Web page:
It is majestic… it is stunning… when an architectural wonder can solve people’s misery, then the project will be a stand-out success. The Bandra-Worli Sea link in Mumbai is an engineering marvel, spanning an arc of Mumbai coastline, which has led to considerable easing of traffic in the city.

The construction is a miracle of the Arabian Sea that has an imposing presence on the Western horizon of Mumbai. One can imagine the strength and might of the bridge given the fact that it weighs nearly 50,000 African elephants and the length of steel wires used in the project is equivalent to the circumference of the earth. In the city where time is more precious than money, this project has reduced the 45 minute journey from Bandra-Worli to a mere 8 minutes.

It is for the first time that cable-stay bridges have been attempted on the open seas in India. Coupled with the fact that the aesthetically designed pylons have an extremely complex geometry and one of the longest spans for concrete deck, the challenges encountered were indeed formidable. The bridge is considered as one of the prominent landmarks of Mumbai and a popular tourism destination.

Rapid Metro – Gurgaon
In the last few years, the traffic between Gurgaon and the capital city of Delhi has experienced an exponential growth, thus aggravating the situation. The aim was to provide a stress free, safe and comfortable journey to all its commuters in a pollution free and eco-friendly manner.

Rapid Metro, India’s first fully privately financed Metro system is IL&FS’ home project on intercity connectivity. It connects NH 8 to Delhi Metro via Cyber City and Golf Course Road.

Rapid Metro has a total length of 11.7 kilometres serving 11 stations. Rapid Metro connects the commercial areas of Gurgaon, and acts as a feeder link to the Delhi Metro. The trains are composed of three cars. The power output is supplied by 750 voltdirect current through third rail. The metro system was the first in India to auction naming rights for its stations.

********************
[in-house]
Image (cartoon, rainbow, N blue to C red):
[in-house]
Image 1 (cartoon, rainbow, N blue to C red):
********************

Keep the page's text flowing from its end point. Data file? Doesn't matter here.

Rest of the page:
Kochi Metro
The pepper town of India (Kochi) gave a rousing welcome to the Metro rail project, which was inaugurated in June this year by our Prime Minister. An average of 66,340 passengers takes the metro rail on a daily basis, which goes to show the success of the project. The project was divided into two phases with the first phase covering a distance of 25 kms from Aluva to Pettah and the phase II extension will cover a distance of 11.7 kms covering Kakanad, the IT hub of the State.

Kochi Metro has the distinction of commissioning the first phase in less than four years, which is the second fastest metro project in the country. The completed Phase I line has reduced the average travel time from 2 hours to 40 minutes.

Kochi metro was lauded for its decision to employ Kudumbashree (self-help group women) workers and also members of the transgender community. The project is also hailed for sustainable initiatives with the introduction of non-motorized transport corridors in the city, installation of solar panels for power and vertical garden on every sixth metro pillar.

Rajasthan Mega Highways Project

Government of Rajasthan (GoR) has been proactively improving State’s infrastructure to boost industrial and economic growth, fully leveraging its locational advantage. The Government is fully committed to make the State as one of the most favoured investment and tourism destinations in India.